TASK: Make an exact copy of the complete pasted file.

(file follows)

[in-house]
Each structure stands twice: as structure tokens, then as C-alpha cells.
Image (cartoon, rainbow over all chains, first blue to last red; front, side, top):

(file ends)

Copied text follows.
[in-house]
Each structure stands twice: as structure tokens, then as C-alpha cells.
Image (cartoon, rainbow over all chains, first blue to last red; front, side, top):